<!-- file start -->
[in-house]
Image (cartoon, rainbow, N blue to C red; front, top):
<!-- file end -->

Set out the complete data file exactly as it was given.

[in-house]
Image (cartoon, rainbow, N blue to C red; front, top):